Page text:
NAED Recap Part 2: NAED Encourages Industry to Recruit New Talent
After attending what I believe is my 21st consecutive NAED Annual Meeting, I noticed much has changed over the years. For example, the consolidation of both distributors and manufacturers has made this conference a constantly changing landscape. But one very specific (positive) change stood out in my mind during this conference: our industry has finally recognized that we must put a greater focus on attracting and retaining young talent. This was a topic that came up in many presentations and almost every discussion.
Bob Reynolds, Chairman, President and CEO of Graybar, spoke convincingly about the need to embrace the concept of attracting young people to our industry. He made a very compelling argument that it is critical to our industry’s future that we must all do a better job developing talent to fill the leadership pipeline. Further, Bob pointed out that we must recognize changing workplace trends and harness those opportunities to better ourselves and our companies (Facebook? /Twitter?/Flexible Hours?/etc.). He reminded us that we need to understand that the next generation doesn’t even understand electrical distribution; much less whether they would want to work in this industry (it certainly isn’t as romantic as working at Apple or Google).
Eli Lustgarten, senior vice president of Longbow Securities gave a good long-term guesstimate of where our market opportunities are headed. With a PowerPoint of over 100 slides, there was much more economic data than any one person could consume. He told a very humorous story about someone trying to get a loan from the FHA. Too long a story to tell here, but it showed that regardless of who is in power in Washington, bureaucracy takes on a life of its own.
Charlie Cook, the political analyst who spoke next, gave a wonderful presentation on the upcoming election and politics in general. It was balanced and not partisan. His discussion was entertaining and avoided the easy, cheap shots towards either party or candidate. It was a lively discussion that illustrated and explained in a humorous way our current political landscape, without taking sides.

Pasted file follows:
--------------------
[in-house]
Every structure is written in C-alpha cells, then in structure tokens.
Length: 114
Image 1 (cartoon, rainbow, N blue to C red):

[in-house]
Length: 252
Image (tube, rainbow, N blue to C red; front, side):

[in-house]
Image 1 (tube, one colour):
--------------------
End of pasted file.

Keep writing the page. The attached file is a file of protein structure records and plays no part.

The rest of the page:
SO HERE IS MY POINT:
The three speakers at the General Session listed above all made a point of being inclusive in their presentations. This is a big departure from the Seattle NAED sometime in the mid-90s when NAED invited Oliver North to speak to the group. While many industry attendees were happy to have a “true patriot” speak to the group, many others (including myself) were concerned that inviting speakers that were perceived as partisan/divisive could alienate many of the young people who we are trying to attract to our industry. Taking this type of divisive posture will not help us attract the best and the brightest. As Charlie Cook pointed out in his presentation, almost half of our population is going to vote Democrat no matter what. And almost half of our population is going to vote Republican no matter what. If we want to continue to be the innovative and successful industry we are today in the future, we need to be recruiting from the largest available pool of candidates. We should put our partisan hats aside and recruit the best available candidates, for the people we hire today will be leading our industry tomorrow.
Frankly, I don’t care what my co-workers or teams political leanings are—I want to know that they are going to give 110 percent effort in everything they do, they will work smarter AND harder than the competition, and they will have a desire to always win. How they vote is their business!
As an industry, let’s continue to discuss how we can recruit new talent into our companies and start laying the groundwork for strong industry leadership going forward.
Note: After the NAED in Seattle, I wrote a letter to the NAED leadership expressing my concerns about having Oliver North speak, pointing out that, right or wrong, he was a divisive person at that moment in our history. I pointed out then that we needed to do a better job of attracting young talent, and this was not the way to do it. The following year, the annual meeting had as the key note speaker the two hosts from the news show “Point-Counterpoint,” providing a balanced presentation. I have always hoped that my letter was only one of many that encouraged NAED to look at this issue from a more balanced position.